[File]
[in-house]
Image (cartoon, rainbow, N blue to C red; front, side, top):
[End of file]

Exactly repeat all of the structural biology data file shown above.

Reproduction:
[in-house]
Image (cartoon, rainbow, N blue to C red; front, side, top):